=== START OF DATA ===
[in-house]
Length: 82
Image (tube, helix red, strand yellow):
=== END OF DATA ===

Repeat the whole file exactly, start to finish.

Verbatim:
[in-house]
Length: 82
Image (tube, helix red, strand yellow):